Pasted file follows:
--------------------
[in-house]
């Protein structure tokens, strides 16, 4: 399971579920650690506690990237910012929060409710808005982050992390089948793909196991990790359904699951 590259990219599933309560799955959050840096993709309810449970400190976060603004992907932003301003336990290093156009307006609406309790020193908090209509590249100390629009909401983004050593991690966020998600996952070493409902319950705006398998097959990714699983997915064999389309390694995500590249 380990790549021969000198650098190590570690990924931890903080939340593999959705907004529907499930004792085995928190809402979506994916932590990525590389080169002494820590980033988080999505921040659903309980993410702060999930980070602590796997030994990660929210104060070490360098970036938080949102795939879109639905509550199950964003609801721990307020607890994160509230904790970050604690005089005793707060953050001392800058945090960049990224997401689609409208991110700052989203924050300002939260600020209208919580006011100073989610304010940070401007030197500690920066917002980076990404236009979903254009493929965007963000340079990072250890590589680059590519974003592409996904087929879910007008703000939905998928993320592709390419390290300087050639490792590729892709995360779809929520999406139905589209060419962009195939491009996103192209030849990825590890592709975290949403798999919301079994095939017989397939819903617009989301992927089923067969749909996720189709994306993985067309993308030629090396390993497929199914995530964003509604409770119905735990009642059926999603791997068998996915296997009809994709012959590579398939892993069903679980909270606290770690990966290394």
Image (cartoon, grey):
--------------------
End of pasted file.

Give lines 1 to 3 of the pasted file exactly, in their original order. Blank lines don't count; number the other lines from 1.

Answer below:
[in-house]
């Protein structure tokens, strides 16, 4: 399971579920650690506690990237910012929060409710808005982050992390089948793909196991990790359904699951 590259990219599933309560799955959050840096993709309810449970400190976060603004992907932003301003336990290093156009307006609406309790020193908090209509590249100390629009909401983004050593991690966020998600996952070493409902319950705006398998097959990714699983997915064999389309390694995500590249 380990790549021969000198650098190590570690990924931890903080939340593999959705907004529907499930004792085995928190809402979506994916932590990525590389080169002494820590980033988080999505921040659903309980993410702060999930980070602590796997030994990660929210104060070490360098970036938080949102795939879109639905509550199950964003609801721990307020607890994160509230904790970050604690005089005793707060953050001392800058945090960049990224997401689609409208991110700052989203924050300002939260600020209208919580006011100073989610304010940070401007030197500690920066917002980076990404236009979903254009493929965007963000340079990072250890590589680059590519974003592409996904087929879910007008703000939905998928993320592709390419390290300087050639490792590729892709995360779809929520999406139905589209060419962009195939491009996103192209030849990825590890592709975290949403798999919301079994095939017989397939819903617009989301992927089923067969749909996720189709994306993985067309993308030629090396390993497929199914995530964003509604409770119905735990009642059926999603791997068998996915296997009809994709012959590579398939892993069903679980909270606290770690990966290394």
Image (cartoon, grey):